7. No guarantee that the money will go to roads.
      1. Look at “Cap and Tax”. Constitutionally, the money collected at the pump should go to roads. Yet the money raised, possibly 16¢ per gallon, is somehow slated to go to the general fun.
      2. Does anybody really believe that tolls will get to the roads and not lite rail instead.
      3. $1 billion per mile for light rail. That would be far better spent on roads that follow the expansion of where the citizens of Oregon live and work.
    8. Exceptions granted. Something our Legislature loves to do:
      1. As we have all seen, there will be a push within a very short time to grant exceptions to having to pay the tolls.
      2. Usual exception for government employees.
      3. Usual exceptions for low income people would mean that everybody else would have to pay more.
      4. Could the tolls you pay wind up on Oregon Tax returns and affect your return.
      5. Exceptions can work both ways. i.e. Higher tolls for car pools or company cars or trucks.
      6. Always remember that for every exception granted, there will be a State agency with lots of State employees to keep track of and administer the exceptions. Only making sure that the money collected will not go to the roads as promised.
    9. What if you go out of state? Can the tracking be used to collect money in another state for another state?
    10. What about the congestion on all of the side streets that would result from people not wanting to pay the toll.
    11. The cost will be high.
      1. Hear some estimates of $8.00 to drive on 205 during peak hours of the mystical “Value Pricing” tolling system.
    12. Would create a new taxing authority in Oregon that would be granted the ability to increase the tolls without voter approval.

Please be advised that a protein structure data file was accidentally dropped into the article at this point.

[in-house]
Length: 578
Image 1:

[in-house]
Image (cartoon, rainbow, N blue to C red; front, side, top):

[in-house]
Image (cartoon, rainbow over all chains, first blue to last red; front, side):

1. Yes, our Legislature has been granting taxing authority to unelected bureaucratic entities to do the Legislature’s job of being the only taxing authority.
  4. What I favor instead:
    1. Traffic use to be measured around the State with counters that were able to sense when a car went by. That is what the little rubber tubes are you see now and then stretch across the road. Or in the case of some freeways, they looked like a short speed bump in the middle of each lane.
    2. Allocation system to return the dollars to the Counties they came from.
      1. The volume of traffic would be used to allocate the road funds as they follow the expansion of where people live.
      2. Average dollars per mile collected via gasoline taxes would then be assigned to the location of the roads being used.
    3. Take the allocation of funds out of the hands of the Legislature and into the hands of something like a “Secretary of Roads” under the Governors control.
    4. One time flat rate on the purchase of an electric car that covers the road cost for the life of the car.
      1. Drawback to this is getting the State to put these dollars someplace that would grow and pay into the road funds for the long term.
      2. Does anybody believe that could ever be done.

Bob Niemeyer

January 18, 2018

bobniemeyer.com